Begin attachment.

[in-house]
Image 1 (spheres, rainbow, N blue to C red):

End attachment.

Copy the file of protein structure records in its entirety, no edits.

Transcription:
[in-house]
Image 1 (spheres, rainbow, N blue to C red):